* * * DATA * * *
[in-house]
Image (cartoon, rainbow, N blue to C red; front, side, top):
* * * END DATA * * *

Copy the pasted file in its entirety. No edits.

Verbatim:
[in-house]
Image (cartoon, rainbow, N blue to C red; front, side, top):